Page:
Nutrient adequacy of the diet was established by calculating nutrient adequacy ratios (NAR) for 11 micronutrients and energy. NAR is defined as the intake of nutrient divided by the recommended nutrient intake (RNI) for that specific nutrient . A mean adequacy ratio (MAR) was calculated as the sum of NARs for all evaluated nutrients divided by the number of nutrients evaluated, and expressed as a percentage. Pearson's correlation coefficients between FVS, DDS, and NAR were performed to establish relationships between variables at a significance level of p < 0.05. Simple regression analyses were computed to establish which nutritional indices are most significantly influenced by DDS, FVS and/or NAR. IBM® SPSS® Statistics version 22.0, 2014 was used to perform all statistical analyses.
A mean DDS of 4.19 ± .83 (range 1 to 6) was obtained. Majority (48.23%) of the preschool children consumed food items from 4 food groups in the preceding 24 hours of the survey thus indicating aMDD in this population. A smaller percent of the sample, 19.15%, consumed < 3 food groups therefore indicating low dietary diversity. Only 6.15% (n=26) of the participants consumed a diversified diet from the six food groups; while 26% (n=112) consumed food items from five food groups. Fruits, vegetables and legumes were the food groups least consumed by the preschoolers. More than half (58.67%) ate zero servings of vegetables; 50.59% consumed zero fruits, and 70.3% did not consume legumes over the 24-hour period. Food groups such as staples, dairy products and animal flesh foods were highly consumed by most of the participants.
Findings from this study indicated that the highest number of food items consumed by this population within the previous 24- hour period was seventeen. Six to12 food items were consumed by most (83.69%) of the children. A mean FVS of 9.37 ± 2.45 (range 2 to 17) was obtained. Food items consumed frequently by many of the children included boiled dumplings made from cassava, wheat or cornmeal flour, saltine crackers, rice, dasheen, sweet potatoes, yams, green bananas, plantains, sweetened beverages, juice drinks, hamburgers, hotdogs, corned beef, salted pigtail, fresh fish/ seafood, eggs, sweet biscuits(cookies, filled and unfilled varieties), commercially and locally made milk-based drinks, callaloo, pumpkin, cucumbers, christophene, tomatoes, carrots, oranges, mangoes, grapes, and apples. Further descriptive analysis on items consumed revealed that most preschoolers (99%) consumed grains, roots and tubers, fish (92%), vitamin A-rich plant foods (80%), eggs (76%), dairy ( ≥ 60%), foods cooked in fats and oils (99.8%) and fatty-meats 46%. Food-groups less frequently consumed were fruits (50.5%), vegetables (50.67%), and legumes (70.3%).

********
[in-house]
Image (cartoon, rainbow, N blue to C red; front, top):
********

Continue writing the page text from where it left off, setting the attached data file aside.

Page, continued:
Nutrient Adequacy Ratios (NAR) for 11 nutrients was calculated. Significant relationships were found between NARs (%) for energy and several nutrients. NAR for energy showed significant moderately strong relationships with thiamin (r=.679; p=0.00), zinc (r=.657; p=0.00), calcium (r=.655; p=0.00), niacin (r=.564; p=0.00), riboflavin (r=.507; p=0.00) and folate (r=.502; p=0.00). A moderate relationship was found for vitamin B6 (r=.416; p=0.00), vitamin A (r =.459; p = 0.00) and iron (r =.416; p =0.00). Weaker relationships were found for energy and vitamin C (r=.212) and B12 (r=.188).
Anthropometric characteristics of the sample were summarized and the z-scores used to determine nutrition status of the group. Data showed that the majority (≥ 50%) of the preschoolers were within normal/average height-for-age, weight-for-age and weight-for-height nutritional status. A distribution of the children by age and normal nutrition status is shown in Table 1. Smaller percentages of the participants were skewed towards being underweight, overweight, wasted and stunted or tall using standard nutrition indices.
Age in Years
Height for Age
Weight for Age
Weight for Height
Table 1: Distribution of children enrolled in the study by age with normal/average (median) height-for age, weight-for-age and weight-for-height.
Findings indicated that stunting levels were low. Most of the children were of average (≥ median) height-for-age; 3.5% were found to be -1SD below the median and 2.4% were ≥ -2SD below the median, thus indicating stunting/chronic malnutrition.
Findings on underweight malnutrition (≥ -2 SD) were identified in 5.2% of the preschoolers. A further 5.7% of the sample were identified as being at risk of underweight (-1SD). Most of the children were found to be average weight for age (see Table 1).
Wasting was the highest form of malnutrition observed in this study and is shown in Table 2. Results indicated that 11.35% of the children were wasted and 12.8% were below average or 1SD below the median weight for height.